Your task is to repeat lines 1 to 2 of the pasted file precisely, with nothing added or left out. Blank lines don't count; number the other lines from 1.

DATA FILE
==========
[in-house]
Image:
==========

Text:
[in-house]
Image: